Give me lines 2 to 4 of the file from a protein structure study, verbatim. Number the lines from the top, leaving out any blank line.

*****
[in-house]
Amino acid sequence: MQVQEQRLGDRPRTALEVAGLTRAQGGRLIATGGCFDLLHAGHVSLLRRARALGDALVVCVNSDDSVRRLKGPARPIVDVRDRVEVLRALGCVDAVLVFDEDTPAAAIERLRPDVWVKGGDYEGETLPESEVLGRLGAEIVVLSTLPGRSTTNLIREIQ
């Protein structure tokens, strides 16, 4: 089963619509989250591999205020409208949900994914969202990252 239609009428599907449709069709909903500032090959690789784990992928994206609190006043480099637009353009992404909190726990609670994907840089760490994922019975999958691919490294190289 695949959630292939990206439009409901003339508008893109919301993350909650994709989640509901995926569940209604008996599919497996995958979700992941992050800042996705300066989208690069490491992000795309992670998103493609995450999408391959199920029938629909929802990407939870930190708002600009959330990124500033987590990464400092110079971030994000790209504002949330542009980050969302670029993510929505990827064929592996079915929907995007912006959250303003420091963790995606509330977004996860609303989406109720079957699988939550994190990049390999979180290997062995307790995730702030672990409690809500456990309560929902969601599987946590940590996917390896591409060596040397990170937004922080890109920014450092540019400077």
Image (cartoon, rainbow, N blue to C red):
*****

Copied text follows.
Amino acid sequence: MQVQEQRLGDRPRTALEVAGLTRAQGGRLIATGGCFDLLHAGHVSLLRRARALGDALVVCVNSDDSVRRLKGPARPIVDVRDRVEVLRALGCVDAVLVFDEDTPAAAIERLRPDVWVKGGDYEGETLPESEVLGRLGAEIVVLSTLPGRSTTNLIREIQ
């Protein structure tokens, strides 16, 4: 089963619509989250591999205020409208949900994914969202990252 239609009428599907449709069709909903500032090959690789784990992928994206609190006043480099637009353009992404909190726990609670994907840089760490994922019975999958691919490294190289 695949959630292939990206439009409901003339508008893109919301993350909650994709989640509901995926569940209604008996599919497996995958979700992941992050800042996705300066989208690069490491992000795309992670998103493609995450999408391959199920029938629909929802990407939870930190708002600009959330990124500033987590990464400092110079971030994000790209504002949330542009980050969302670029993510929505990827064929592996079915929907995007912006959250303003420091963790995606509330977004996860609303989406109720079957699988939550994190990049390999979180290997062995307790995730702030672990409690809500456990309560929902969601599987946590940590996917390896591409060596040397990170937004922080890109920014450092540019400077």
Image (cartoon, rainbow, N blue to C red):